Demystifying Ballot Initiatives

Tisch College helped establish project to promote understanding of Question 4, about legalizing marijuana in Massachusetts
voting booths
“People are more likely to vote well if they’ve thought about the issue ahead of time,” says Peter Levine. Photo: iStock
October 20, 2016

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If voters know more about often complicated ballot questions, they’ll make better decisions come election time. That’s the premise driving the Massachusetts Citizens’ Initiative Review, a pilot project led by researchers at Tisch College at Tufts.

The Citizens’ Initiative Review (CIR), which has been used in statewide elections in Oregon since 2011, brings together a cross section of voters to study a ballot question and share their findings with other voters.

“People are more likely to vote well if they’ve thought about the issue ahead of time,” says Peter Levine, the Lincoln Filene Professor of Citizenship and Public Affairs at the Tisch College of Civic Life, who is overseeing the Massachusetts trial. “Often, ballot measures either pose narrow technical issues that are hard for the public to get their heads around, or they’ve been written in such a way that they are confusing,” he says. “This is a way of solving the problem of people not knowing how to vote on ballot initiatives.”

Tufts’ role in the project is to oversee the implementation of the experiment, and to ultimately reach a conclusion as to whether the CIR system that worked in Oregon can be similarly helpful to Massachusetts voters in understanding ballot questions.

“As a society, we know how to have productive, valuable, small-scale discussions and learning opportunities, but we have a large-scale political system,” says Peter Levine. “The Citizens’ Initiative Review seems to tackle a fundamental social problem, which is connecting high-quality, small-scale good to powerful, big systems.”Twenty registered Massachusetts voters were selected randomly from a pool of 10,000 to examine the measure to legalize recreational marijuana, which will appear as Question 4 on the state election ballot on Nov. 8. Over four days in August, they heard from proponents and opponents of Question 4 as well as relevant policy experts and ”deliberated intensively, demonstrating focus, civility, open-mindedness and public spirit,” says Levine. The deliberators then jointly wrote a “citizens’ statement” designed to guide voters on the issue. The goal was not to take sides, but to clarify the choices.

State Rep. Jonathan Hecht (D-Watertown) filed the legislative petition to test CIR in Massachusetts. Another partner on the project is Healthy Democracy, a nonpartisan nonprofit whose aim is to improve political discourse; the group introduced CIR in Oregon.

Massachusetts voters will face three other ballot questions in November—to expand slot-machine gambling, to authorize the state Board of Elementary and Secondary Education to approve up to 12 new charter schools, and to prohibit owners of pigs, calves raised for veal, and laying hens from confining the animals in a way that prevents them from lying down, standing up or turning around freely.

The Citizens’ Initiative Review advisory board—made up of former Massachusetts Gov. Michael Dukakis, Tisch College Dean Alan Solomont, A70, A08P, Assistant House Minority Leader Bradford Hill and academics, nonprofit administrators and policymakers—picked the marijuana question for the pilot because it is high-profile and contentious.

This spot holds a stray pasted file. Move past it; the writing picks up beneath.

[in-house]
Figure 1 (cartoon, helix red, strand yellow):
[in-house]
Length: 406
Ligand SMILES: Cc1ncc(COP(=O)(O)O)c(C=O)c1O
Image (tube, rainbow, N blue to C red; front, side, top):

“We wanted to select a topic there was genuine suspense about,” says Levine. “The marijuana issue is also fairly complicated. You have to take into account the relationship to federal law, and the question of how much can be sold and by whom. A ballot initiative necessarily reduces the whole question to a yes or no, but there are many separate issues to consider.”

The four-day meeting, which took place at the Atrium School in Watertown, was a hybrid between a public discussion and a trial, Levine says, as the panel sat through presentations from lobbyists and experts on both sides of the issue, before deliberating and drafting their statement.

The voters found that Question 4 would create a number of jobs in regulatory, law enforcement, legal and licensure areas, and that legalization would improve the safety of the drug. At the same time, the statement pointed out many unknowns, including the long-term health effects of recreational marijuana use.

In Oregon, Citizens’ Initiative Review statements are mailed to every household as part of their voter guides. The Massachusetts pilot has a limited budget, so Levine and his team are relying on the media to distribute the findings. Student fellows from Tufts, Harvard’s Kennedy School and Suffolk University are conducting outreach via social media and free media outlets in advance of the Nov. 8 election to raise public awareness about the CIR statement on Question 4.

“As a society, we know how to have productive, valuable, small-scale discussions and learning opportunities, but we have a large-scale political system,” says Levine. “The Citizens’ Initiative Review seems to tackle a fundamental social problem, which is connecting high-quality, small-scale good to powerful, big systems.”

As with any experiment, Levine says, there is a possibility that the CIR might not be effective. To help evaluate its effect on voter behavior, John Gastil, director of the McCourtney Institute for Democracy at Penn State, will examine the deliberation process to determine whether it produced a more accurate understanding of the facts, and whether voters reported that the citizens’ statement was useful.

To read the voters’ report on Question 4, visit the Massachusetts Citizens’ Initiative Review Pilot Project website.

Divya Amladi can be reached at divya.amladi@tufts.edu.

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